Blindfolded Dinner Teaches a New Perspective

Tech’s community had a taste of what life is like with a visually impaired disability last week at “A New Perspective,” a residential life program created by the new Able Bodies Community club to raise awareness about visually disabilities.

Participants began the night by being blindfolded. Next, they were handed a white cane to help find their way through a maze of chairs and tables outside at Capital Quad.

A question and answer session was held with Butch Price and Hannah Willis, club members with vision disabilities. Most participants engaged in talking with them about what their lives are like living with a disability.

“I think this was a real eye-opener for everyone here,” said Stephanie Tanksley, a communications major.

 The second half of the program included eating dinner in the dark. The participants were blindfolded and served pizza, corn, grapes, and a Capri-Sun. Most participants said the corn was the most difficult portion of the dinner to eat.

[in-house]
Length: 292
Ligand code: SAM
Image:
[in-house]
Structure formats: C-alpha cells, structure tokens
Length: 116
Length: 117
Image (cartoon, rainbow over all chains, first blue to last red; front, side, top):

The club’s president Josh Hunter and vice president Price said it was important to them and club members that everyone came together at this event to help their cause.

Brandon Patterson, a residential hall director at Capital Quad, said, “The program’s turnout was awesome. We had 151 people attend, which is huge for an educational program.”

The ABC club’s membership drastically increased after “A New Perspective.” At the beginning, of the fall 2013 semester, the club included 12 people. On Nov. 4, the membership had risen to 103 people, according to the Able Bodies Community Facebook page.

“We hope our membership continues to grow,” said Price. “We want as many people within the community that we can get.”